“Sitting is the new smoking” is an increasingly common analogy in health fields these days.
Given the number of hours most of us tend to sit in the day, there’s likely a lot of truth to the sentiment. But even beyond the effects on overall health, desk jobs have long been associated with neck and shoulder pain. So, what can you do to curb that pain and also make your desk job healthier? Adding regular stretch and movement exercises to your day can make a significant impact. Let’s have a closer look.
First, start by imagining the top of your head is attached to a string that extends from your spine, pulling your spine and neck toward the ceiling. Picture each of your vertebrae stretching up to the sky, gently expanding and lengthening your back and neck. Then incorporate these exercises:
- Slightly tuck your chin in (as if you’re looking toward the bottom of your computer monitor) and then gently push your head back as though you’re pressing against a headrest. Hold that position for 5 seconds and repeat for 8-10 repetitions.
- Gently tilt your head to the left to feel a mild stretch on the right side of your neck. Repeat on the opposite side. If you look down toward your opposite knee, you’ll notice a bit more stretch. Repeat for 8-10 repetitions on each side and try to keep your upper back and shoulder muscles relaxed during the stretch.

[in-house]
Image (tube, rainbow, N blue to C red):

- Loosen your shoulders further by rolling them back and forth, and then focus your attention on your shoulder blades (also known as your scapula). Imagine the bottom of your scapula pulling down and toward the middle of your back. Hold for 5 seconds and repeat for 8-10 repetitions.
- Next, stand from your desk and find a doorway or a hallway to try a stretch for your chest muscles (the pectoralis). Rest your forearms on either side of the doorway and step gently forward – you should feel a stretch across your chest. If that’s too intense, just try resting one forearm on the doorway but make sure to repeat on both sides. Hold for a few seconds and repeat 8-10 times.
Finally, remember to get up and walk around at least once every hour. Maintaining prolonged positions is likely a contributor to neck and muscle pain and regular movement is the best prevention.